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than at the fulness of the divine benevolence; and have doubted the willingness of God to give to one so fallen and so unholy; do not henceforth be deceived by such a false view of your case. It is not your riches, but your poverty that makes you the fit object of divine compassion. God does not require of you a moral qualification to ask mercy at his hands, but he looks to your want and helplessness as a sinner, and in the sovereignty of his grace, he says, "Ask, and ye shall receive; seek, and ye shall find." Do not, then, suffer yourself to be kept back by the desponding contemplation of your unfitness to come to God; but come to him at once, as able and willing to save. Consider the depth of your necessities. Consider the infinite merits of Christ, which are given to you as your plea before God. Consider the gracious, the pressing invitation of your heavenly Father. Consider the clear, specific, unfettered language of his promise; and never hesitate to ask, and to ask largely, while he is so willing to give.




And behold! the veil of the temple was rent in twain, from the top to the bottom.

THE merely superficial reader of Holy Scripture, must lose much of its force and beauty; because there are many passages which are full of meaning, but that meaning is not immediately obvious. It is only to be gathered by patient and accurate thought. Such examination, however, is amply repaid; for by it, many passages, which, on a casual reading, appear of comparatively small importance, are found to tend most powerfully to enlighten our understanding, and to confirm our faith.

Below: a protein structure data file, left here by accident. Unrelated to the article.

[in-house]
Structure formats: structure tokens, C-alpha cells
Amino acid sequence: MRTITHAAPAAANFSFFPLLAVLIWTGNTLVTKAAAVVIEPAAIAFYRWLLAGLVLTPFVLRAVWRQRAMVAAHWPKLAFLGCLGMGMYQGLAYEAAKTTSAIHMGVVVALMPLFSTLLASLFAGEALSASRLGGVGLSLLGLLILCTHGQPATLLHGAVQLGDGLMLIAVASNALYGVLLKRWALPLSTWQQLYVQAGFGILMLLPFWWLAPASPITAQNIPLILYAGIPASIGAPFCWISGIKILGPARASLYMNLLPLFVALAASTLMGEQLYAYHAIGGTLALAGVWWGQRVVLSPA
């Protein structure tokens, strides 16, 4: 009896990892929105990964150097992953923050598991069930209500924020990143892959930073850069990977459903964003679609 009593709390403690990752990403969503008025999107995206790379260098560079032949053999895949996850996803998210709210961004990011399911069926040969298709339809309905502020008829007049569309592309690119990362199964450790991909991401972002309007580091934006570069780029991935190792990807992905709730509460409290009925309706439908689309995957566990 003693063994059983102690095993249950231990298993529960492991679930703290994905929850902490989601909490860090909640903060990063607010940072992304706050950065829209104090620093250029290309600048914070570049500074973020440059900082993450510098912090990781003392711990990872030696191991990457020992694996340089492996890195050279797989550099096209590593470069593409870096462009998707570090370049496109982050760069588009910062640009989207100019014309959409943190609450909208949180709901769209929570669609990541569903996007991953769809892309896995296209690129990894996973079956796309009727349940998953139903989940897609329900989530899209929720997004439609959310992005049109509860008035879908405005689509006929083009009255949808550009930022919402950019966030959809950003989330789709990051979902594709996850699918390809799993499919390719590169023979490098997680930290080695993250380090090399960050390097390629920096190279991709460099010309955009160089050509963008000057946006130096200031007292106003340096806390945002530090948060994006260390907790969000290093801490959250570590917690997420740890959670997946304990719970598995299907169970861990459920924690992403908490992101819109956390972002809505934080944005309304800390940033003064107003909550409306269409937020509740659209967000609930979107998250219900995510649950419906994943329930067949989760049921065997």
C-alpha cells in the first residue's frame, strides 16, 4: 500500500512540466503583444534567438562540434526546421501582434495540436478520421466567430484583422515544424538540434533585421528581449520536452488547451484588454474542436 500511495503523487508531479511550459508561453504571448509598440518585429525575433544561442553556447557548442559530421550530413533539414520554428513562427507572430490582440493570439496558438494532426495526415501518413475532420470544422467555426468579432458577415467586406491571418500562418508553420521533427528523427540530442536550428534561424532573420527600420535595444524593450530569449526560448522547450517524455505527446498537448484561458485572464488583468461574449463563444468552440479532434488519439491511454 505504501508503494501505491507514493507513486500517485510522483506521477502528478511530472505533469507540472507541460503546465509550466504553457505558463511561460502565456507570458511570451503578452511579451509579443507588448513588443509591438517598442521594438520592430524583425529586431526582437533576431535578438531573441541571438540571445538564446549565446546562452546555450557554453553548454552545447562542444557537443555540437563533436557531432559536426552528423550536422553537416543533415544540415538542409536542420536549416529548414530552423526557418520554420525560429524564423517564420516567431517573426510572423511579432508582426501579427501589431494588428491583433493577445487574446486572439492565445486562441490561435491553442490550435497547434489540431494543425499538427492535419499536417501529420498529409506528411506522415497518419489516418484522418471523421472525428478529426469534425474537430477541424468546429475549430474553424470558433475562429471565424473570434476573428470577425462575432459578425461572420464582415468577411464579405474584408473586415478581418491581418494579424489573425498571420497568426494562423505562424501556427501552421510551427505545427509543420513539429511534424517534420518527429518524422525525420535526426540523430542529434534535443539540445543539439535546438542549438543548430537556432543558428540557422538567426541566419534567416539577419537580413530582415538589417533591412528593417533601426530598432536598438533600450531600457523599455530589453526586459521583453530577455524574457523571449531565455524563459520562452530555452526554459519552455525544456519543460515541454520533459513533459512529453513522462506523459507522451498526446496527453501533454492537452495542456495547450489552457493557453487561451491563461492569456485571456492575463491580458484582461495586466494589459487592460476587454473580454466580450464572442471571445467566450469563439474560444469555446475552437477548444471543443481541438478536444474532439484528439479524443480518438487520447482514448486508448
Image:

The incident recorded in the text, is one of the cases to which I refer. Many read the statement of the fact, that the veil of the temple was rent at the moment of our Saviour's death, and consider it

merely as one of those extraordinary phenomena, which attended that melancholy scene, in order to mark its importance; and they inquire no further. And yet to those who do endeavour, in a prayerful spirit, to get a deeper insight into the scripture, what a train of useful and important thought does that fact recorded in these few words, suggest! I purpose to direct your attention to this, by considering,

I. What the veil of the temple was. II. What the rending of it implied. And then we will draw some practical inferences from the whole.

I. What was the veil of the temple,really and typically?

First, Really. At the time of our Saviour's crucifixion on Mount Calvary or Golgotha, which is a small eminence of Mount Moriah, the temple was standing upon Mount Sion, which is another height of the same mountain. This was the second temple, and was begun to be built during the reign of Cyrus, 536 years before the Christian era, and was afterwards so much neglected, that in the time of Herod it underwent a general repair to such an extent, that it was almost re-erected. This took place about forty-six years before the death of Christ. Previous, however, to the erection of this second temple, a much more splendid edifice had